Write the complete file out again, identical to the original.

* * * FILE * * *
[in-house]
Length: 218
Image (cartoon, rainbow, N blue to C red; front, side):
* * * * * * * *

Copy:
[in-house]
Length: 218
Image (cartoon, rainbow, N blue to C red; front, side):